Titanic is currently being remembered on the 25th anniversary of James Cameron’s movie Titanic. The actual anniversary is commemorated each April 14th. At 2:20 am. on April 15, 1912, the British ocean liner sank about 400 miles south of Newfoundland, Canada. The massive ship, which carried 2,200 passengers and crew, had struck an iceberg two and a half hours before. 700 survived.
As a food historian, I appreciate gathering friends to pay homage to lives lost in this famous tragic event and serving these dishes throughout the year. Downton Abbey fans are particularly drawn to this tragedy as the series opens with this news that directly affects the Crawley family.
The Marvel of Titanic’s Kitchens
There is much trivia to appreciate about the ship. Passengers in steerage had never dined as well in their lives. Titanic was equipped with some of the most sophisticated culinary facilities afloat and boasted elegant cafes and opulent dining saloons that rivalled the finest restaurants in Paris and London.
A huge staff prepared 6,000 meals a day. The main galley featured serving pantries; a butcher shop; a bakery; vegetable kitchens; specialized rooms for silver and china; rooms for wines, beer and oysters; and huge storage bins for the tons of coal needed to fuel the 19 ovens, cooking tops, ranges and roasters. They even had huge freezer compartments when even grand houses like Downton had to rely on cold storage rooms and iceboxes.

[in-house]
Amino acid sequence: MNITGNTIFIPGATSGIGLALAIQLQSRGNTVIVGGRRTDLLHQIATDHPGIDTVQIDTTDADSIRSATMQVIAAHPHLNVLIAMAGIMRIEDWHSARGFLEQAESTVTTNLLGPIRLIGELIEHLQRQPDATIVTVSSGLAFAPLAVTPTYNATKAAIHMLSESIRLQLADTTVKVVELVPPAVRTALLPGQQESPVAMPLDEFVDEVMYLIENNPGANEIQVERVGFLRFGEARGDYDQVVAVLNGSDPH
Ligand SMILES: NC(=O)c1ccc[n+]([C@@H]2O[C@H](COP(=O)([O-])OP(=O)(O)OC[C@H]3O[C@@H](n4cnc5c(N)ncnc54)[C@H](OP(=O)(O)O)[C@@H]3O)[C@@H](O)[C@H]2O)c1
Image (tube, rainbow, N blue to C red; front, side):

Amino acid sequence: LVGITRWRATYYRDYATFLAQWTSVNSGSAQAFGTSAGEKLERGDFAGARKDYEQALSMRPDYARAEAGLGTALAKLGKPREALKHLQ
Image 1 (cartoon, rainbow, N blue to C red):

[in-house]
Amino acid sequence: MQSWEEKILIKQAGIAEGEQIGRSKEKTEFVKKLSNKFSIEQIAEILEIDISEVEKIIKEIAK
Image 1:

If you want a great food read to learn more about Titanic’s food service and recipes, I highly recommend Last Dinner On the Titanic: Menus and Recipes from the Great Liner.
From Asparagus Salad to Chocolate Eclairs
Fortunately, menus survived the disaster; survivors had tucked the menus into their pockets. In 2012, on the 100th Anniversary, I researched and prepared each dish, modifying recipes to current tastes where applicable.
While you are at home with time on your hands, you don’t have to prepare a whole Titanic meal to honour the past. With 42 dishes from that last dinner on April 14th served in 3 classes of passengers, there is plenty to choose from.
I often prepare a unique dish and present it to my guests, noting its connection to the Titanic. Great Food Has a History!
Click on the Menu links to reveal the recipes in each class.
1st Class Menu 2nd Class Menu 3rd Class Menu
Browse all the food with recipes